The CLUAS Archive: 1998 - 2011

03

One of the joys of traveling in China is that you can pick up CDs and DVDs you won’t get in the capital. Like yesterday evening, on Kunming’s Wen Lin Jie shopping/café area I found a treasure trove of recent releases, including the Kaiser Chief’s latest for RMB10, about a euro. The packaging varies between provinces too. This place had some of the neatest packaging, CD cases in paper casing with nice rounded corners. There’s the mystery of the yellow sticker on CDs. Does that mean they’re the real deal, licensed imports? Technically yes.

So why the different packaging? 

A pleasant high-altitude city in the country’s southwest, not far from the Burmese border, Kunming has a thriving backpacker culture and plenty of cafes for travelers who’ve just buses or flown up from southeast Asia. Fakes CDs abound in Vietnam but tend to be poorly packaged by comparison, using paper photo copies of the original sleeves.

There are certifiably real CDs in the shop. Not as nicely packaged as the other albums, there’s Guns N Roses’ Appetite For Destruction and Coldplay’s Rush Of Blood to the head. Many other, mostly pop and lite classics (Cliff Richard is in that section) come with a “Special For China” label applied.

The choice of real albums in Chinese book store chain, Xinhua, is always curious: a lot of Sting, some Tori Amos, Roxette, and always some U2 – curiously prevalent is the lackluster seller Pop.

 


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03
As part of the annual People of The Year Awards, the 2007 edition will see a special award being presented to Ireland’s Greatest Living Musician. The 15 most popular nominees, chosen by the general public, will be whittled down to one by a “top class adjudication panel.”
 
The People of The Year Awards website gives some indication as to what genres they think most people will look to when casting their vote. Amongst the names mentioned are Phil Coulter, Enya, Paul Brady and Ronan Keating, all, well, nearly all, fine musicians in their own right, and all appealing to a very particular demographic, “The Mammy”, or “Female 35-50” as I’m sure she’s known to the marketing department of the awards sponsors.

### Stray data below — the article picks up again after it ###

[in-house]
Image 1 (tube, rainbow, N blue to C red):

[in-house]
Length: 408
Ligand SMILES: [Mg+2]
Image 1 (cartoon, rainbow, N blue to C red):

Of course, the names above are also mentioned as they are almost guaranteed to get that particular demographic voting. I don’t see names like Richie Egan (Redneck Manifesto, Jape), Ollie Cole (ex TURN) or Kryz Reid (Fairuza), for all their musical ability, inspiring the same response. Other contenders deserving consideration, though equally unlikely to get a look in include Dave Geraghty (BellX1, The Rotators), Shane McGowan (depending on your definition of “Living”) and purveyor of all that is good about Irish music at the moment Duke Special.
 
It is with regret that I must exclude Van Morrison from the running for inflicting Brian Kennedy upon us.   Likewise, Sinead O’Connor lost her shot at it the first time she heard John Peel play Horace Andy. Therefore, my choice for Ireland’s Greatest Living Musician is Neil Hannon, and not just because he penned “My Lovely Horse”. 
 
Starting with 1990’s “Fanfare for the Comic Muse” Hannon, who essentially is The Divine Comedy, has produced a vast collection of work that circumvents the law of diminishing returns (something Ryan Adams should take note of). In February 2007 Hannon was awarded the Choice Music Prize for “Victory for the Comic Muse”, The Divine Comedy’s ninth studio offering, perhaps more in recognition of an outstanding career than that particular album.
 
However, I have feeling that Neil Hannon won't win.  One can only hope, therefore, that the voting for this award helps to raise a lot of funds and awareness for a worthwhile cause, to make up for what is sure to be a decision based more on popularity and the cult of personality than on musical ability.  Yes, I believe Bono will win.

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02

On Sunday 15th July, Dublin will see the first Irish performance of Glen Branca's "Hallucination City: Symphony for 100 Guitars". Below is a taster of what you are likely to hear on the night. Personally, I think it is great but then I also dig Lou Reed's 'Metal Machine Music' and Steve Reich.